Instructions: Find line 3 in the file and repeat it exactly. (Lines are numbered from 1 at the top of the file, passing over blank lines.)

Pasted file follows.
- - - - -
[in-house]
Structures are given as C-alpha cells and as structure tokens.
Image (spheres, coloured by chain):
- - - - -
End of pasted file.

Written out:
Image (spheres, coloured by chain):